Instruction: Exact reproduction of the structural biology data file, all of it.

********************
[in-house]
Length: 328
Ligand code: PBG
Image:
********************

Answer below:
[in-house]
Length: 328
Ligand code: PBG
Image: